PARIS — Doctors Without Borders, the gutsy and media-wise volunteer group that rushes medical and humanitarian succor to victims of war and disaster worldwide, on Friday was awarded the 1999 Nobel Peace Prize.
Pioneer of a controversial approach to humanitarian activism, the organization often simply referred to as "the French doctors" insists on its right to act independently of governments and its moral duty to boldly speak out about the plight of the people it helps.
At a time when CNN, the Internet and other media usher Third World emergencies into American living rooms, first word of a looming crisis in a faraway locale frequently comes from Doctors Without Borders.
"We are not sure that words always save," Dr. Philippe Biberson, an epidemiologist and president of the group's French branch, said Friday. "But we know, and are sure, that silence kills."
The Norwegian Nobel Committee said it selected the group known in French as Medecins Sans Frontieres from among 136 nominees that included President Clinton, Pope John Paul II and a pair of prominent Chinese dissidents, Wang Dan and Wei Jingsheng. The committee cited the group's "pioneering work on several continents" and its outspokenness.
"By intervening so rapidly, Doctors Without Borders calls public attention to humanitarian catastrophes," the five-member committee said in its announcement. "And by pointing to the causes of such catastrophes, the organization helps to form bodies of public opinion opposed to violations and abuses of power."
Doctors Without Borders has 10,000 local staff members and 1,500 expatriates, including 600 doctors, at work in 80 countries. More than a score of those lands are in the throes of military or civil conflict.
In accepting the prize, officials of the organization expressed hope that the award will draw attention to the victims of current emergencies: civilians in the strife-torn Republic of Congo and Sierra Leone, and millions in developing nations who suffer from or are at risk of contracting malaria, tuberculosis, sleeping sickness and other ailments.
"The diseases, and these people, are forgotten people," said Dr. James Orbinski of Canada, president of the group's international council. "They are outside the normal state systems that are in charge of looking after their needs."
Group Was Nominated Eight Times Before
At the organization's Paris office, near the Bastille, the youngish staff burst into raucous applause at news of the prize. Doctors Without Borders had been nominated eight previous years to no avail.
Gilles Delmas, usually in charge of delivering pharmaceuticals, automobiles and other supplies to faraway trouble spots, said he was suddenly faced with a new mission: tracking down enough champagne for staff members and guests to toast the prize.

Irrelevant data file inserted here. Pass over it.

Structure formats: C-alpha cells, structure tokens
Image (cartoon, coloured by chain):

Doctors Without Borders had its genesis in the 1967-70 genocide in Biafra, during which 1 million people perished as the Nigerian region unsuccessfully sought independence. Until then, humanitarian agencies acted only with the blessing of host governments.
To a handful of young and idealistic French physicians, even the International Committee of the Red Cross seemed overly solicitous of official approval and too cautiously neutral to denounce even mass murder. Five days before Christmas 1971, the physicians created what would become Doctors Without Borders.
The physicians "got involved in things that were none of their business," joked one founding member, gastroenterologist Bernard Kouchner, currently the top U.N. administrator in war-damaged Kosovo. Kouchner, a left-wing politician and former French health minister, went on to formulate the daring doctrine that humanitarian organizations possess a "right to interfere" in countries to save lives, whatever host authorities might say.
At first, some established aid agencies viewed the French upstart as amateurish, glamour-hungry and ineffective. In its own ranks, egos have been a problem: Kouchner left Doctors Without Borders in 1980 to found a rival organization, Doctors of the World. The breakaway faction had wanted to operate a ship to rescue Vietnamese refugees, but colleagues feared the effort would only encourage more people to risk the dangerous boat passage from their Asian homeland.
Doctors Without Borders' dashing image and one-world philosophy held great appeal for idealistic physicians, and 19 worldwide offices, including one in the United States, sprang up. These days, though, the organization admits to difficulty recruiting volunteers for the customary six-month field missions.
"People who've just completed their studies want to cash in on them," said Dr. Gastelu Etchegorry, the group's medical director, who first volunteered in 1986 to work in a 250-bed Angolan hospital that had no running water and little electricity. "And it's not only in America that doctors want a Mercedes or to play golf."